The level of stress and pressure is not related to the difficulty of the work but how it is organised and managed. In the UK we're in the habit of pinning everything on high-stakes exams and not giving students the emotional education to cope with it. Students are constantly told how important the exams are and how vital it is for their future that they do well and so on. It's no wonder that some struggle to cope with it.
  10. phlogiston

    phlogiston Star commenter

    Sorry, suicide is a particularly sore and very emotional point for me at the moment.
  11. Pomza

    Pomza Star commenter

    I'm very sorry to hear that @phlogiston
    needabreak, border_walker and nomad like this.
  12. caterpillartobutterfly

    caterpillartobutterfly Star commenter

    I think the thread says a lot about the OP, nothing we didn't already know, but stills says much about his DM view of England.

    But I think the thread title needs changing. It is offensive to link suicide to whinging.
  13. David Getling

    David Getling Senior commenter

    Funny you should mention that. There's a state school near me that thinks very highly of itself. Yet it gave up its attempt to teach I.B. Diploma relatively quickly. The excuse being that there was no demand for it in Enfield. I expect there's an element of truth in this, and that most of it's very spoilt kids didn't have the moral fibre to put in the required effort. But having seen the relatively poor teaching at this school I suspect that most of the teachers weren't good enough to deliver this more demanding curriculum.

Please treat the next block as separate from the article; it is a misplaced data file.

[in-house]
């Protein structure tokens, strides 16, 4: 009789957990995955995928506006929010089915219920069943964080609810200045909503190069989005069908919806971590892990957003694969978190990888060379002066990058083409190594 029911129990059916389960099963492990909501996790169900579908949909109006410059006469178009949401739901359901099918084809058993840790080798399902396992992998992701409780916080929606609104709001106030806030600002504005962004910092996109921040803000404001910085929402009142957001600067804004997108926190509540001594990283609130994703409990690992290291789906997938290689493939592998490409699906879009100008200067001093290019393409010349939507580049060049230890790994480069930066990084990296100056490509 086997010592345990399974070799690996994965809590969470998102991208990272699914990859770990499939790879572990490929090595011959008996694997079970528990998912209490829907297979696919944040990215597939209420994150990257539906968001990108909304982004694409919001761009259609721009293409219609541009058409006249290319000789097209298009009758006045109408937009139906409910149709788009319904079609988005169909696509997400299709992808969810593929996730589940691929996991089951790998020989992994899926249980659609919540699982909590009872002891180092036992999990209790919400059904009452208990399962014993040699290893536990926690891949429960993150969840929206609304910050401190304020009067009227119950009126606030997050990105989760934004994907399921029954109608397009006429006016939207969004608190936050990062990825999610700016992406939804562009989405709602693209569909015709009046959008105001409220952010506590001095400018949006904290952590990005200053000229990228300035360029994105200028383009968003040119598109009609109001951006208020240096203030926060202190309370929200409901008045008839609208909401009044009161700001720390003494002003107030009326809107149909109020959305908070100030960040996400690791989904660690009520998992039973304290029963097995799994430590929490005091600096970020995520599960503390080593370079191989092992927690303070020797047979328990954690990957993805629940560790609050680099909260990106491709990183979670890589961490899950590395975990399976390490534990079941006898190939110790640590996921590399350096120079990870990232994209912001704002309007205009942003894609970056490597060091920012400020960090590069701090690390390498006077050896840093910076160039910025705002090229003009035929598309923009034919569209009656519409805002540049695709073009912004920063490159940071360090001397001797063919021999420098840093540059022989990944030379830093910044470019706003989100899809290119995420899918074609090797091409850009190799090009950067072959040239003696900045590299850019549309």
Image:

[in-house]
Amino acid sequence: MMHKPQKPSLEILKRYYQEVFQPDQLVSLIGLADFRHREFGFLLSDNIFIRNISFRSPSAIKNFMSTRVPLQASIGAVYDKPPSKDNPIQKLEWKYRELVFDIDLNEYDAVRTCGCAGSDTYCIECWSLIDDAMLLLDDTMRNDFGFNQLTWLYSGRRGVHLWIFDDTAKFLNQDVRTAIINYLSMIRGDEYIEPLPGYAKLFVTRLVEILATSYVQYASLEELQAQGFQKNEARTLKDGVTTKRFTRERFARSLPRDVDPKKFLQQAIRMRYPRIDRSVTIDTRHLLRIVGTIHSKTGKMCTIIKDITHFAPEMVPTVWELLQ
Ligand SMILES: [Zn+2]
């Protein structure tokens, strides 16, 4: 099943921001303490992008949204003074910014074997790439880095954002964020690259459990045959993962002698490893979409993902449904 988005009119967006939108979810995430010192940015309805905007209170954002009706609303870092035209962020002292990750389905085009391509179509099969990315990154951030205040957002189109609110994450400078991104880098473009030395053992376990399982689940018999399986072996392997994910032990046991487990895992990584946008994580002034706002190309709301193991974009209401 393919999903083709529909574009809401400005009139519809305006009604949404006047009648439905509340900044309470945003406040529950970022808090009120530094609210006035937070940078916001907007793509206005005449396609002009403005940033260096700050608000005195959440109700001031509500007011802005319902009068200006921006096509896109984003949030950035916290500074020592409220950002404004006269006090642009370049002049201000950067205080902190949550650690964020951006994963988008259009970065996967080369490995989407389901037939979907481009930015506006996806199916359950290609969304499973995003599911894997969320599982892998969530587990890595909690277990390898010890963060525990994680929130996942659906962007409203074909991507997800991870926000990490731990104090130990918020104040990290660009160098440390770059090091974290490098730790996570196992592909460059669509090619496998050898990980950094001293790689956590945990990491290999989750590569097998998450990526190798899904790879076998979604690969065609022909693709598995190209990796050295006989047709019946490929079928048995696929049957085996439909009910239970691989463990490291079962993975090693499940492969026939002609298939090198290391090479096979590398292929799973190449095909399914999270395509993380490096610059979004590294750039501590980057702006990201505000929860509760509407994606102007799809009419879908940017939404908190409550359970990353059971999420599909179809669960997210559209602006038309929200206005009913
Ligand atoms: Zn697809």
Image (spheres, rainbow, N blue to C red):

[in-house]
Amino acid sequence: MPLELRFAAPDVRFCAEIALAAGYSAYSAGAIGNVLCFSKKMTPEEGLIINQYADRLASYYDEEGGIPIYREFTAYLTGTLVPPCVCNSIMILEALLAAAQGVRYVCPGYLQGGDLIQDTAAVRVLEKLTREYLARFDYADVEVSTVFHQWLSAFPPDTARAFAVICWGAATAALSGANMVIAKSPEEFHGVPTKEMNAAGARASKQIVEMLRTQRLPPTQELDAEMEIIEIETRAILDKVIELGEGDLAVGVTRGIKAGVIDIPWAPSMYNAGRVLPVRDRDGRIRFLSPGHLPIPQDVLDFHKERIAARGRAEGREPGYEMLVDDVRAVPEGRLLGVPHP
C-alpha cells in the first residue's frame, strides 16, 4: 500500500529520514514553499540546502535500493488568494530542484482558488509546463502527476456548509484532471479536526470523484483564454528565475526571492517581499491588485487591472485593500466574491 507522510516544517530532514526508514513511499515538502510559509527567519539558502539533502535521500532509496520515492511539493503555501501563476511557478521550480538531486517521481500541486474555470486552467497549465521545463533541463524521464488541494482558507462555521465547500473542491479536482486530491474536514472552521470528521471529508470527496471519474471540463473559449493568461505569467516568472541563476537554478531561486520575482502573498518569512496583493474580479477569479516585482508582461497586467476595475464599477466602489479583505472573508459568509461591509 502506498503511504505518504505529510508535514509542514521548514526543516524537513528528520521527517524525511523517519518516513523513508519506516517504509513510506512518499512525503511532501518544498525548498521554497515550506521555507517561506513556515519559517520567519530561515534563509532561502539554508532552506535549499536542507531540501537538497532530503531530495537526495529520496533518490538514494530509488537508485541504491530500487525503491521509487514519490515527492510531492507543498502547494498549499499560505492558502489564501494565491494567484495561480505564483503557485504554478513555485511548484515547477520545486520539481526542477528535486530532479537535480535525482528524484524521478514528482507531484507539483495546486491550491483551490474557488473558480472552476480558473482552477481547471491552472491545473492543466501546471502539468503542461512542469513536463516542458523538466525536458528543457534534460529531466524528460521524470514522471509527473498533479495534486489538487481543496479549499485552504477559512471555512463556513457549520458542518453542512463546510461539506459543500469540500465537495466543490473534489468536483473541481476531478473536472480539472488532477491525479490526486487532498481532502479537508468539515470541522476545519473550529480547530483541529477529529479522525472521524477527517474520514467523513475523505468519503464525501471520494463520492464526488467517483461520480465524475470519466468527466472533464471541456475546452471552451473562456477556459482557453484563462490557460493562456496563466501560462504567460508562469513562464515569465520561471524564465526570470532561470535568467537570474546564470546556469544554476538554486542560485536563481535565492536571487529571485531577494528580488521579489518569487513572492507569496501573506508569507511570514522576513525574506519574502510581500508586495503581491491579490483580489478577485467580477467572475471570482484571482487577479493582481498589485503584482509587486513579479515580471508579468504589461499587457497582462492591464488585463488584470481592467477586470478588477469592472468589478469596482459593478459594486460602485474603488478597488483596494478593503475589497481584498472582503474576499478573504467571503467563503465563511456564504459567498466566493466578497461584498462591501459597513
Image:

14. peakster

    peakster Star commenter

    How can you have "seen" the teaching at this school ? - you are neither a teacher or a parent.

    ...and your last sentence is disgraceful......as are you.
  15. FrankWolley

    FrankWolley Star commenter

    It is also more expensive to put on than A Level (staffing and registration) - and any school would have to consider whether the outcome they are measured by (position in League Tables, % of Y13 going to University etc) would be enhanced or not by switching to the IB.

    Having a pretty good understanding of the IB, I'm not convinced it is, actually, THE answer. It's not just about pupils working hard, either.

    My two children both went to (different) State schools. Both did A levels. Both went to Russell Group Universities. Both got 1st Class degrees. Both won prizes at University. Yet my son could have aced the IB as he was/is a good all rounder, but my daughter would have struggled (as would I) as her skills are more focused on a narrower range, basically within the arts/humanities/social sciences.
  16. moscowbore

    moscowbore Senior commenter

    Not sure I agree that A levels are more expensive. All IB teachers must attend IB training and schools must offer a complete range of courses at 6th form.